However without a national spatial plan or regional spatial plans and only local plans to inform decisions and provide the strategic spatial focus, how can we be sure that funding will be appropriately directed to ensure balanced and sustainable development across the UK?

As a result, the Government's 'Localism Agenda' is currently in the process of creating a new approach to UK spatial planning. With the revocation of Regional Spatial Strategies, spatial planning powers are effectively being devolved to the local level. Local Authorities are still required to make their decisions based on 'sound' evidence, but are now faced with tackling controversial supra-local issues, such as allocating land for new housing and dealing with wider challenges, such as renewable energy, waste and minerals.

Contrary to this new 'local approach', the Government is also generating mixed messages by supporting new regional funding instruments, including the Regional Growth Fund that will allocate £1.4 billion over the next 3 years to provide support for projects that offer significant potential for long term economic growth. However without a national spatial plan or regional spatial plans and only local plans to inform decisions and provide the strategic spatial focus, how can we be sure that funding will be appropriately directed to ensure balanced and sustainable development across the UK?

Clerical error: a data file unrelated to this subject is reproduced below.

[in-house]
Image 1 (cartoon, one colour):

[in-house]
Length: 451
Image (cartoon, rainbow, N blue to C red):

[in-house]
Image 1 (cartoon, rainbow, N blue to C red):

Duty to Cooperate

The Government anticipates that the initial criticisms of its 'Localism Agenda' can be rectified through the 'Duty to Cooperate', a requirement intended to provide a strengthened basis for cross-boundary working on strategic issues between neighbouring Local Authorities. Although many Local Authorities already collaborate together in developing their planning policies, this move marks a significant shift and establishes a clear legal obligation to address issues of mutual importance, such as the allocation of land for new housing, waste and recycling facilities and renewable energy sources.

However, with Local Authorities facing significant future cuts in spending and staff resources, along with new responsibilities in supporting the sub-local tier of neighbourhood planning and the lack of current guidance relating to the practical implementation of the 'Duty to Cooperate', it may be some time before Local Authorities can fully take on this regional level function and work in seamless collaboration with neighbouring authorities.